19th century novelist Zola shows us more of the machinations, betrayals of French politics in his sixth published story in the Rougon-Marquart cycle, Zola depicts the greed, manipulation and ugliness of French politicsthrough His Excellency: Eugene Rougon. When the story begins title character Eugene Rougon has fallen from his lofty government job. He’s resigned to take some heat off the emperor and hopes this action will be rewarded. Soon Rougon meets Clorinde, a beautiful, flirtatious troublemaker. She’s much younger and spends her days tantalizing the rich, powerful men who’re happy to waste their days gazing at her in her boudoir as she poses for a portrait and rambles on. She’s not the brightest light, but we all know how little that matters when it comes to powerful men.
It’s uncertain who Clorinde’s father is. Both she and her mother are gadabouts from Italy. It’s whispered that she’s the illegitimate daughter of an aristocrat, who’s introduced as her godfather. Right. Clorinde is all appetite, appetite for power, like Rougon, whom she sets her cap for. She could have any rich, powerful man, but she goes for this old bachelor. Despite being attracted to Clorinde, Rougon knows they’re no good for each other so he marries another more sensible wife and convinces Clorinde to marry a rich, malleable man who’s gotten a government ministry. Clorinde goes along, but vows to get even. And after many years she does.
It was interesting to see this greedy crowd of relatives and old friends who hang on to Rougon to get political favors that make them rich. The minute Rougon closes down the favor-trough they’re out to get him led by Clorinde. Rougon’s fortunes go up and down as the story progresses. I enjoyed the realism and even enjoyed disliking the corrupt hangers on and, of course, Clorinde, who had no good qualities or no uncorrupted qualities. This book would make a good movie.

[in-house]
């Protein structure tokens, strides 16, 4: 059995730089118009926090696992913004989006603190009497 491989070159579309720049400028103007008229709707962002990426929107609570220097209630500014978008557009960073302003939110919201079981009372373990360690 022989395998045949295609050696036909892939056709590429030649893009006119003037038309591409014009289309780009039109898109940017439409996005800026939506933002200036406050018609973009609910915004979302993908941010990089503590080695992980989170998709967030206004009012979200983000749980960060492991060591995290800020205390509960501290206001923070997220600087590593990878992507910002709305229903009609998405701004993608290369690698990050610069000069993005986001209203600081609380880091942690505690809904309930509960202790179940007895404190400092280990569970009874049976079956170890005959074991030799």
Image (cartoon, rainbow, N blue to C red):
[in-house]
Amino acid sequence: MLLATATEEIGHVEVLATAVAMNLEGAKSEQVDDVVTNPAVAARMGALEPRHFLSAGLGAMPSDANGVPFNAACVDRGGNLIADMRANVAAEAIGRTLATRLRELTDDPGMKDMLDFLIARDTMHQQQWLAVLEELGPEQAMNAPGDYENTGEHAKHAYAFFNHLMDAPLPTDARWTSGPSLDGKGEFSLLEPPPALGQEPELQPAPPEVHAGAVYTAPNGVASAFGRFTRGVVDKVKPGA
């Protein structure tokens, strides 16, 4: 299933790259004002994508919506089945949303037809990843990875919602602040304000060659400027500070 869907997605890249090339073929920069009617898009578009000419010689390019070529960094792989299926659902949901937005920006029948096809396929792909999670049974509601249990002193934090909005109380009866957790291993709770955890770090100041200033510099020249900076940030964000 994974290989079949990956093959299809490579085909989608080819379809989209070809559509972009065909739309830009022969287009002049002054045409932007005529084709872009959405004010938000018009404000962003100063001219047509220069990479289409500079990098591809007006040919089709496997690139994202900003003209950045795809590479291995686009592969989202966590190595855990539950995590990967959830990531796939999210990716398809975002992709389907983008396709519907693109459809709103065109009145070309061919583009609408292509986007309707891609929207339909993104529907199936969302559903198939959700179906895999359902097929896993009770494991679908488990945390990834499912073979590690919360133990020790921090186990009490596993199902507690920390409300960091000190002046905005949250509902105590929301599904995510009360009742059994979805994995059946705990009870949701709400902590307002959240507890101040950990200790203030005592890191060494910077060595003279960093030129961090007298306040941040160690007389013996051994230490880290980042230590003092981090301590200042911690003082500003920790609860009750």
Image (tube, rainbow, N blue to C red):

My public library had a great talk about getting published. They got a good crowd of aspiring writers who want to write fiction, non-fiction, children’s books and poetry. The talk was led by an editor and a writer, who does both self-publishing and publishing through an established publisher.
I don’t think I should share all the secrets as their handout was copyrighted, but I’ll share some facts and tips:
- Know why you want to get published. Have a clear vision of what you consider success to be. (Getting published, wining an award, getting good reviews or what?)
- More non-fiction books are written by first time writers.
- Most self-published books sell less than 100 copies, and most of those copies are bought by the author. Ugh. ;-(
- Learn to “eat rejection for breakfast.” So develop a thick skin and remember that major writers often got dozens or hundreds of rejection letters.
- Adequately test your idea by seeing how people, not just loved ones, think about your idea.
- If you do self-publish get your books into different sorts of shops. In a book shop your books is one of many, but in a florist or hospital shop there’s only a handful of other books.
- The average new writer spends $3000-$5000 of their own money on preparing their books. Both speakers stressed that you should hire a professional editor. Someone who’s an English teacher or reads and edits professionally is required not just a pal.The cheapskate in me balks at spending so much money, but I’m mulling this over. I do have people whom I trust as good writers and grammarians read my work as a favor, but should I be paying someone? What do you think, readers?
By Upton Sinclair, who always takes the side of the underdog and shows people how hard and unfair life was for the lower classes in his time (i.e. early 20th century), King Coal is about a well-to-do college student, who leans to the left politically. His older brother and friends tell him that all the news and complaints of poor treatment of coal minors is hog wash. He decides to spend his summer as a miner.